Sunday, July 18, 2010

How My Christian Worldview Impacts My Teaching

A worldview is a system of beliefs and assumptions one makes, either consciously or unconsciously, which shapes how they act. It has been described as a set of glasses or filters through which you look at the world around you. There are as many worldviews as there are people, though many common themes exist. As a teacher seeking to interact with many people and try to teach them, it is of utmost importance to be aware of your own worldview, but also those of your students, colleagues, and coworkers. What follows is my description of the beliefs and assumptions I live by, and how I believe they impact my role as a teacher. My belief in and relationship with God is the primary lens my worldview is built around.

What is My Worldview?

What is god?
A more appropriate question is “Who is God?” I believe in the God described in the Bible, who goes by many names. The Bible calls him Elohim, Alpha and Omega, El Shaddai and Jehovah Jireh, Yeshua, Adonai, and many others. Each of names describes an attribute of God that reveals a little of his character.

Elohim is Hebrew for creator. I believe that God created the heavens and the earth. I do not know how he did it, but I do believe he did. Whether literally in six days by speaking it into existence as described in Genesis 1, or some other way, is interesting to debate – but God created it nonetheless. As a scientist, I am aware that the earth is held together by many different forces and laws, which I believe God, set in place in the beginning. Elohim does have the power to supernaturally override these laws at times, stepping in and performing miracles.

Alpha and Omega are the first and last letters of the Greek alphabet, the beginning and the end. This name implies that God is eternal. God has always existed, and always will. This name reminds me of other attributes of God’s too. It reminds me that he is immutable, unchanging, and everlasting. It reminds me that he is immortal. It also reminds me that like him, I too will one day live forever.

El Shaddai is a Hebrew name meaning Lord Almighty. It reminds that he is all-powerful. Jehovah Jireh is another name meaning “The Lord will provide.” These two names combine to assure me that God will take care of me. There is nothing God cannot do, and he has my interests in mind. Jehovah Jireh is the name Abraham used when his faith was tested. He trusted that God would provide a lamb as a substitute for sacrificing his son Isaac. God did provide a lamb, and he has provided for me during numerous trials as well.

God provided most powerfully for me when he gave his only son Jesus to die on the cross for me. The name Yeshua is a name which means “He will save” from which we get the name Joshua, as well as Jesus. I believe Jesus is fully God, and yet fully man. I believe he lived on the earth around 2,000 years ago. I believe he was the only perfect example of an abundant life without sin.

What is man’s purpose?
Since man, like everything else, was created, the most important question to ask is why? I believe the name Adonai provides the answer. Adonai is translated “Lord” in the Bible. A lord deserves honor. A lord deserves obedience. A lord owns the land, and the people who work on it. Likewise, our heavenly Father deserves all the honor, glory, praise, and obedience that we his people can give.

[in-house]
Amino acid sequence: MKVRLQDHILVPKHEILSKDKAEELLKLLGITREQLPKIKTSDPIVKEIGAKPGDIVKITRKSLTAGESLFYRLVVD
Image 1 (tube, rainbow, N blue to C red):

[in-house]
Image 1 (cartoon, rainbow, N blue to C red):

Humans, like all creation, were created to worship God. We all do that simply by existing. I believe we are created in the image of God, which means, among other things, that we all reflect his attributes and character. I believe man stands unique from the rest of creation, because God has given us a choice. Some choose to obey God, and strive to live more like his son Jesus, and worship him joyfully. Others choose to disobey, and worship him reluctantly. Man’s primary purpose is to choose to worship God freely.

What is evil?
I believe there was an initial pair of humans, Adam and Eve, into whom God breathed life. This pair worshiped God freely until one day when they chose to disobey him, eating fruit from a forbidden tree. This first act of disobedience, also called sin, ushered in a curse. The perfect life they had enjoyed was now riddled with pain, suffering, and finally would result in their death. This is evil: the natural consequence of disobeying God, of which the ultimate penalty is death.

This curse of evil tainted all areas of creation – but namely man. Every child born now was born guilty of sin, subject to it, and preferring disobedience. In fact, though our physical bodies are alive, spiritually we are born dead. Without Yeshua’s saving grace – we are without hope, and have no place with God.

What happens after death?
Fortunately, there is life after death, both spiritually and physically. God’s son Jesus lived a perfectly obedient, sinless life. So complete was his obedience, and his love for mankind, that his unwarranted death on a cross paid the penalty that we each deserved. This act restores spiritual life in us. This act reconciles us with our holy creator, removing the guilt of our sin. No longer are we dead to sin, but we can once again choose freely to obey God, and do the works he has called us to do. This is the abundant life that Jesus came to give to us all.

Finally, I believe that three days after Jesus died, he came back to life. His physical body was restored and many witnessed it here on earth. This supernatural act began the reverse of the curse of evil. It provides a promise that we who believe in Jesus’ death for our sins can trust: that we too will experience life after death. Though our physical bodies will still die, we will be born again. We will live with God, in his presence, forever.